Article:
There is a Congolese proverb that says, “It is best to let an offence repeat itself three times. The first may be an accident, the second a mistake. Only the third is likely to be intentional.” Many of us are living examples of this proverb, especially with the small pinches we experience in our lives.
Once the pinch has been repeated (or if it is really significant the first time), we often look for someone with whom we can share our experience. Our motivation for doing this is often positive. We want to release our frustration to someone else, or we are unsure if we have a legitimate reason for being frustrated. Venting is often necessary but not if we vent on the other person. The problem is that our search for clarity often stops here and inevitably the behaviour repeats itself. This is a very common strategy in many workplaces.
After our frustration with a person has reached a certain level and we remember the pinches days later, our behaviour often changes toward that person. We begin to be hesitant or more aggressive in the other party’s company. We are on the lookout for the behaviour to repeat itself. Our initial responses are often subtle and not always obvious even to ourselves. We may respond to the other person’s email in a less timely way or delay in responding to work that affects them.We may become quieter in the other person’s company, withholding some of our ideas. We may become defensive in their presence as we look to protect ourselves. Not only the person who is the catalyst, but all others in the room can invariably feel this defensive energy. In fact, it will likely become a pinch for others.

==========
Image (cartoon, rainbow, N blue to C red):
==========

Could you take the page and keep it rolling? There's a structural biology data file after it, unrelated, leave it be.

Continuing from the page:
Often we hold on to our hurt, nursing it, reliving the pinches in our mind, with our friends, and in our thoughts at night. We gather and accumulate our pinches. This thinking often results in feelings of victimization and growing resentment. Medical research says that living with these feelings will make us more vulnerable to disease.
When we have suffered long enough, many of us will say or do something out of character. We will snap back. This is what we call open conflict; everyone who hears the exchange would think that there is a fight.
If we do not identify the pinch, check in, and re-confirm our agreement, the pinch will likely repeat itself or stay “active” as unproductive energy and will leave us in a state of being destabilized: with feelings of insecurity, doubt, and concern. This is very dangerous for the collaborative relationship if the unmet expectation is not discussed and resolved.
When these negative feelings build up they will often come out in an unplanned and unconstructive way. It is harder to have a clarifying or problem-solving conversation after a crunch has occurred. The key is to be proactive and preventative rather than reactive. This requires a high level of self-awareness and preparation so that the surfacing of the pinch does not turn into a crunch conversation because we have not prepared properly.
A pinch is an opportunity to have an “expectation conversation.” Unfortunately, this is done far too seldom.